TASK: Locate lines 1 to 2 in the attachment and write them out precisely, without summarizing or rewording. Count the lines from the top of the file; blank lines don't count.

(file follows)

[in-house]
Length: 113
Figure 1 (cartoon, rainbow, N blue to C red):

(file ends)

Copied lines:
[in-house]
Length: 113